COURT­NEY BAR­NETT

Aussie singer swaps witty ob­ser­va­tions for oblique an­guish and bet­ter songs.

Q (UK) - - Contents - CHRIS CATCH­POLE

The Aussie singer’s sly ob­ser­va­tions re­main in place but with added soul­bar­ing sec­ond time around.

COURT­NEY BAR­NETT TELL ME HOW YOU RE­ALLY FEEL MARATHON ARTISTS, OUT 18 MAY

When Court­ney Bar­nett first am­bled into view in 2013, the scrappy in­die rock of her mu­sic tended to take a back seat to her lyrics. The Syd­ney-born singer has a gift for spin­ning the tiny, mun­dane de­tails of her life into ram­bling, self-dep­re­cat­ing and fre­quently very funny sto­ries. On her sec­ond al­bum, Bar­nett re­dresses that balance. For one, Tell Me How You Re­ally Feel is no­tably short on laughs. Songs about mow­ing the lawn or sit­ting in a doc­tor’s wait­ing room have been re­placed with some­thing more opaque. The de­tri­tus of ar­gu­ments and in­ter­per­sonal prob­lems float­ing to the sur­face rather than form­ing any co­her­ent nar­ra­tives. “I try my best to be pa­tient, but I can only put up with so much shit,” she rages amid sparks of TV-static dis­tor­tion on I’m Not Your Mother, I’m Not Your Bitch. Com­ing via Bar­nett’s thick ac­cent and dead­pan de­liv­ery, such mo­ments of tur­moil still sound like re­ceiv­ing a long- dis­tance phone call from a mate, but it’s now couched within a much stronger set of songs. Her de­but al­bum’s pri­ma­ry­coloured back­drop hav­ing been swapped out for a richer, more nu­anced pal­ette. Opener Hope­fu­less­ness has echoes of Nir­vana’s In Utero as its omi­nously twist­ing riff winds up into howls of feed­back, and there are grunge-era par­al­lels through­out in the gui­tars that crackle along­side her melodies. The Breed­ers’ Deal sis­ters even pop up on back­ing vo­cals dur­ing the cheer­ily-ti­tled Crip­pling Self Doubt And Gen­eral Lack Of Self Con­fi­dence, the track’s bouncy fuzz-pop off­set­ting the nail-chew­ing anx­i­eties within. It’s a clear side­step away from Bar­nett’s orig­i­nal M.O., but feels no less re­ward­ing for it. Not least on closer Sun­day Roast – a wel­come breath of lan­guid spa­cious­ness and com­fort­ing cho­ruses that of­fer a gen­tle re­solve af­ter all the jagged soul-bar­ing. Lis­ten To: Name­less, Face­less | Hope­fu­less­ness | Sun­day Roast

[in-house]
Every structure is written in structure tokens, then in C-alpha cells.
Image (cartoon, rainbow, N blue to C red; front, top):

Court­ney Bar­nett: “Do you have the jacuzzi main­te­nance guy’s num­ber?”

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